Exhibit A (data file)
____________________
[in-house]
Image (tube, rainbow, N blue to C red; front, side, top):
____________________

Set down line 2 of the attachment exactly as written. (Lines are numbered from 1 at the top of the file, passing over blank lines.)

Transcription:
Image (tube, rainbow, N blue to C red; front, side, top):